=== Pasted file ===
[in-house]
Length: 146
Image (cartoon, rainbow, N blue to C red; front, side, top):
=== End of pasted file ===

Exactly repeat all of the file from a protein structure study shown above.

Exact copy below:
[in-house]
Length: 146
Image (cartoon, rainbow, N blue to C red; front, side, top):